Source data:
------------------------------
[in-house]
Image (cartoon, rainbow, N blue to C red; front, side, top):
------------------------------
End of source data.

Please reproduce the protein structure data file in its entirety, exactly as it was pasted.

[in-house]
Image (cartoon, rainbow, N blue to C red; front, side, top):